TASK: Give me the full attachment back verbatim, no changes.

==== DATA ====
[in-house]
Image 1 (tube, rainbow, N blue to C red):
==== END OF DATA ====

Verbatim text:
[in-house]
Image 1 (tube, rainbow, N blue to C red):